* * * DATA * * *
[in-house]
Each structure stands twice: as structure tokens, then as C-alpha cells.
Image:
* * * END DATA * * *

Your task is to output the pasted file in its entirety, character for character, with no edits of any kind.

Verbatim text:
[in-house]
Each structure stands twice: as structure tokens, then as C-alpha cells.
Image: